First remember that we will begin class with a discussion about the significance of the Iatrokles/Dienekes/Arete story. Please review that passage from the end of chapter 7.
Read Chapter 8.
1. How would you compare the description of Spartan military training to that of Astakos (Xeo’s hometown) in Chapter 3?
2. How would you compare Leonidas’ behavior and interaction with his troops to Xerxes’?
3. What can you conclude about the Spartan’s reverence for the shield? Why do think it was so important?
Remember that we will not meet on Wednesday this week. Next week we will be on a similar schedule, so please be prepared to meet on Monday, but not Wednesday again.
For homework, please do the following:
Read chapters six and seven of Gates of Fire.
Consider these questions
1. According to Bruxieus, what does a man need to conquer phobos?
2. How is the Greek mission to Rhodes and the surrounding city-states emblematic of the greater divide between the Greek and Persian culture?
3. How does the story of Tommy unfurling the map connect to question #1?
4. What does the Iatrokles/Dienekes/Arete story tell us about Spartan values?
Read Chapters 4 and 5. Do the following:
Define these terms:
Polis, Deme, Syssitia, Eirenes, Andreia, Phobos, Agonisma
Answer these questions:
1. What is Sepeia? What parts of the Spartan system are first mentioned here?
2. What lesson about phobos and agonisma are learned from Tripod’s story?
3. How do the episodes of Dimonache’s rape and Xeones punishment parallel each other?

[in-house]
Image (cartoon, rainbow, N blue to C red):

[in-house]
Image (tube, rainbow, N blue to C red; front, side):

4. What is the relationship among Dienekes, Alexandros, Xeones, and Tripod?
This week-end you begin reading Gates of Fire . GOF is a piece of historical fiction. Wiki defines historical fiction as a story that is set in the past. That setting is usually real, drawn from history, and often contains actual historical persons. The main characters, however, tend to be fictional. GOF focuses on a Greek soldier (Xeones) who has been badly injured at the Battle of Thermopylae and captured by the Persians. The story is his recounting of growing up in Greece and eventually becoming a servant to a Spartan soldier. He recounts his story to the Persian king (Xerxes).
The text of this book is rather graphic. It has gruesome depictions of war and the collateral damage that accompanies it. There is also quite a bit of foul language.
Read the Introduction and first three chapters of Gates of Fire. Be able to answers these three questions and define the terms.
1. How would you describe the interaction between Xoenes and the Persian emperor, Xerxes?
2. What is the significance of Apollo’s appearance in the first chapter?
3. The Spartans have a reputation as one of the most highly disciplined, well-trained fighting forces in history. How would you compare that description to the training of the army of Astakos in Chapter 3?
Terms to know
For tonight’s homework I would like you to read the attached file on the Greeks and do something a little different. Rather than answering questions tonight, I would like you to ask them. Please formulate four questions that best encapsulate the important points from tonight’s reading. I would encourage you to use previous posts to inspire your thought process. Each student will be asked to share his four questions in class tomorrow. Have fun.
Also, I remind you that we will meet next Monday but not meet on Wednesday.
For homework please do the following in preparation for your in-class writing on Thursday.
1. Review the O’Brien essay. Identify the one or two most important themes of his essay. Focus particularly on what he concludes is a “true war story”.
2. Use O’Brien’s conclusion evaluate whether The Iliad is a “true war story”. Choose passages in The Iliad that we have read and discussed in class which support your thesis.
Lastly, we will begin reading Gates of Fire next. Make sure you have a copy.